Second Class Wait Here

Chris Kempster folksinger and researcher on the life of Henry Lawson

The thing that comes to my mind about Lawson and "Second Class Wait Here", and the roaring days, the times of which he wrote, was that it was time of transition from the massive times of the sailing ships, the great sailing ships that opened up the world ... into the steam age, with the railways in particular, as bringers of news, of goods, carriers, transport. He came to Sydney in 1884, he was apprenticed at Hudson Brothers at Clyde as a carriage painter. I understand he worked on the trains there, too, but mainly on coach painting. In "Second Class Wait Here", he sort of refers to his thoughts about the segregation of classes. The class distinctions. If you were not of the right background and didn't dress right, you went to the second class toilets, and he said in the poem there,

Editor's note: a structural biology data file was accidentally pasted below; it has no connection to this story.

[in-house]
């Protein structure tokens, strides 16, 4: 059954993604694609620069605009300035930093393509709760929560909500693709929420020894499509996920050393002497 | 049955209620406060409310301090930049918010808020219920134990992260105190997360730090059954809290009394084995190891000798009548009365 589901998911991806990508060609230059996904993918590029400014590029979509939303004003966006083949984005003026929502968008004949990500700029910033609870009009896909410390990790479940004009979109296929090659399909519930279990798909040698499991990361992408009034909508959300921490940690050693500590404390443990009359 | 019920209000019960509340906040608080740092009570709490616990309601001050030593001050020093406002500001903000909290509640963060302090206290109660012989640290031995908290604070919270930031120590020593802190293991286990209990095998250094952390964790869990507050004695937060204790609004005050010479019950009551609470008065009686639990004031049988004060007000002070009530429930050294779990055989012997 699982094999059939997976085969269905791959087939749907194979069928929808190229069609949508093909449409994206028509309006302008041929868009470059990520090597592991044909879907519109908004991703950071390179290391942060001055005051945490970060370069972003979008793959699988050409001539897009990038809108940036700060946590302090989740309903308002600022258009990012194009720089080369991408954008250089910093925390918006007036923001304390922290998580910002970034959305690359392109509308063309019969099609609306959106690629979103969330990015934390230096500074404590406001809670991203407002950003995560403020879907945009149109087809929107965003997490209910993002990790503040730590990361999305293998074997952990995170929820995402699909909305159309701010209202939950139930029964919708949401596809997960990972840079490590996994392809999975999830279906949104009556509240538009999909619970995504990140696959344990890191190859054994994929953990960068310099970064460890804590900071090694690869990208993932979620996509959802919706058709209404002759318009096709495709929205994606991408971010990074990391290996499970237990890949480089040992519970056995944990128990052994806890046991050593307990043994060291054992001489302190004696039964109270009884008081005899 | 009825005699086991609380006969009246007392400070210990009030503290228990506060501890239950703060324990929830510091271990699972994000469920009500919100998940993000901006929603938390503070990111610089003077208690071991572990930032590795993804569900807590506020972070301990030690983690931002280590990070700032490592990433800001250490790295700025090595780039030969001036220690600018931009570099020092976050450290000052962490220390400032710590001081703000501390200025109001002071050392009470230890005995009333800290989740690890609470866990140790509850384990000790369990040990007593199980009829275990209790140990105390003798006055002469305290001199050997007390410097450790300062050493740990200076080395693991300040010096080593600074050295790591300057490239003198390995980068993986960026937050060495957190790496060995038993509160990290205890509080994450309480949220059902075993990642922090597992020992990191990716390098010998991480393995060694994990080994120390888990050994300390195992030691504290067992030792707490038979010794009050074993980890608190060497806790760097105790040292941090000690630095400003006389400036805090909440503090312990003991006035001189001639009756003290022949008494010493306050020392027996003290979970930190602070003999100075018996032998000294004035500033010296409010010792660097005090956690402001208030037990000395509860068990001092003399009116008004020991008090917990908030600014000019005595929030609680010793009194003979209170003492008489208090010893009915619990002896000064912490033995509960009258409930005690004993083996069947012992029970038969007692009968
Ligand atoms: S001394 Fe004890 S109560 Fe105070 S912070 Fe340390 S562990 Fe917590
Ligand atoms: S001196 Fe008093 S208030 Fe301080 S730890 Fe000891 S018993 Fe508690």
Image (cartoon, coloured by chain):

That a man must feel revengeful, for a boyhood such as mine,
God I hate the very houses, near the workshop by the line.
And the smell of railway stations and the roar of running gear,
And the scornful seeming signboards saying, Second Class Wait Here.

Railway Voices CD Track List

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